I have to say the fascination with BMW wagons and their ensuing high prices sometimes perplexes me, as Audi offered a sporty, manual, all-wheel drive Avant that is great looking, reliable and long-lived and will make you feel pretty special. That’s especially so when it’s optioned in one of the more rare shades available on the B5; today’s example is Cactus Green Mica. It looks great offset by Celebration wheels, and it’s got a lot of recent maintenance – so let’s take a look!
We look at a lot of infrequently seen cars on these pages, but sometimes one really stands out to me, and that was the case with this 1997 Audi A4. Now, rarity is not on the side of the Audi A4, even in its least sold configuration. In its launch year of 1996, Audi shifted more A4s than it sold cars in total in each model year of 1991, 1992, 1993, and 1994. In fact, the only reason the company didn’t sell more 1996 A4s than 1995 total cars was because a few 1996 models were sold at the end of 1995, upping the overall sales for that year. It was a wildly popular model though underneath there were overall few changes to what you could buy in the 1995 90 quattro. Even the look was a scaled down version of the 1993/4 ASF (A8) concept. But that didn’t matter – it was great looking, sporty and compact with a quality feel and still held the trump card for all-wheel drive in the small market. Unlike earlier models where the front-drive version of the chassis outsold the quattro versions, the A4 was also the first to really sell with a majority of all-wheel drive; about 80% (16,333 out of 20,671) of those that were sold in 1997 were so equipped. That would make a FrontTrak model much more rare than what we’re seeing here, so why claim this car isn’t often seen? Well, it’s just not. Think about the last time you saw a really clean pre-facelift A4. I’ll wait. Sure, there are a handful out there, but as with earlier Audis the residuals dropped and most were neglected. The A4, in addition to being a sales success, also brought Audi fully into the disposable luxury class. People that had previously bought Audis generally treasured them, especially so of the quattros. But with the A4, in many ways the small executive just became a German Camry. It was a nice Camry and that name has such a negative connotation it’s not fair to associate with, but moving into a more mainstream sales bracket also diluted the enthusiastic ownership of the brand.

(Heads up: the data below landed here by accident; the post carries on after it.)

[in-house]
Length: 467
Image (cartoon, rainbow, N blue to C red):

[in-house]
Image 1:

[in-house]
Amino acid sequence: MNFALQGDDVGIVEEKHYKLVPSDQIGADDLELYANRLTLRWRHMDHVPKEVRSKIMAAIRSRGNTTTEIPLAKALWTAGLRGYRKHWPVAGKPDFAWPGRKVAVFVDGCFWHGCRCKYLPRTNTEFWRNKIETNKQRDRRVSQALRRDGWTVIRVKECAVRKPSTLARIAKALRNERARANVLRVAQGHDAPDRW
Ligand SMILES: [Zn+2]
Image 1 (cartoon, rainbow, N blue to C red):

On top of that, 1997 launched a new direction for the A4 which was the introduction of the 1.8T turbocharged power plant. While not a potent mill out of the box, enthusiasts (especially those downstream of initial purchase) welcomed the return of turbos to Audi and the ensuing modifications began. The result of all of this was that while the A4 was popular, it was no longer the heirloom quality automobile that models like the 4000 had been. It became, in many ways, just another car, and ultimately these factors contribute to the result of a model which isn’t often seen in the wild any more: